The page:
When I think about how green I was with my first client website exactly 12.7 years ago, I’m truly humbled by how far we’ve come.
I had butterflies big time. “What if I stuff it up?” “What if it doesn’t work?” “What if they don’t like it?”
And more importantly, “Where the hell do I start?”
It seems like eons ago now as I sit here and think about what to pen for this post. My first design business used to create full custom websites for SME’s until six years ago when I saw a real gap in the market for decent, affordable websites for small business.
It was then that Web123 was born. And what an elephant it was!
Since then we’ve learnt the hard way what clients want. By going above and beyond. By putting clients first. By asking them what they want and why they invested with us. By making plenty of mistakes. By always trying new things. And by taking risks.
You name it. We’ve tried it.
Sidenote: Don’t believe anyone who says business is easy and organised. It’s messy. Damn messy!
Since starting Web123 we’ve created over 3,000 website designs and currently produce about 30-40 websites per month, predominantly for small business in Australia.
We certainly ain’t no cookie-cutter, sausage factory kind of web company though, let’s get one thing straight.
It’s taken us years to perfect our craft so that every single site we create has a solid, results-focussed strategy. Not just design.
And we have to be diligent about keeping up with the pace of this industry too. So I’m well aware that what we offer today will not be the same in 12 months.
With all that said though, there are some tried and tested lessons I’ve learnt from my first 1,000 website clients that I’d love to share with you so you can hopefully fast-track your design business into the big league.
Here’s a handful of lessons (and a bit of tough love thrown in for good measure) to help you on your way.
If you’re a designer, become a brilliant marketer
Website design these days is about providing a real-world solution that encompasses how to get traffic, how to convert that traffic into customers and how to nurture people to come back for more.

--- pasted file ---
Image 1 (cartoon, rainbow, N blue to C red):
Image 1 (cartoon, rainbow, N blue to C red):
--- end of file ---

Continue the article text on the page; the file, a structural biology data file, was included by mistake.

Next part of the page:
Master all three so you can also add ‘marketing expert’ to your resume — and you’ll set your business up for long-term success. How else are you going to compete with 99designs, Elance and Fiverr? Marketing is key. Start now and pave the way for a new generation of web designers!
Most business owners don’t understand web, nor should they
Never use jargon. Steer clear of acronyms. And never, EVER, make them feel stupid. Full stop. You might think you sound smart but you don’t. Just don’t go there.
Hold their hand before, during and after they launch
Don’t leave them to fend for themselves after they go live — that’s where the real work begins. The website is just the first step. Make sure they know you’re there for them always.
Stay in touch on a regular basis. Heck, why not go all out and set up an automated email sequence to contact them every month to check in, help them, offer additional services — do whatever — but don’t ever leave them in the lurch after they launch.
Which brings me to…
Work on retaining clients for life
It’ll cost you way more to find new clients than it will to look after and nurture the ones you have. Trust me. Have a plan in place to retain the clients you worked so hard to get.
For us, we have several perks like free software updates, an educational portal, unlimited support and one free layout cutover (or redesign) per year as part of their ongoings. Not everyone uses everything but it helps to keep clients for life which is the ultimate.
Don’t be one of those penny-pinching “pay me $80 before I answer your question” kind of web designers. But on the flipside, everyone needs to make a quid so find a balance and work out a way to offer the support they need at a fair price.
Don’t discount. And don’t offer payment plans
You’ll attract the wrong type of client and in my experience, most payment plans end in tears. Payment upfront does wonders for your cashflow. Read a blog I wrote here about how I took our receivables from $120k to $20k by changing our payment terms, and without losing clients. It also covers what I do when clients don’t pay me.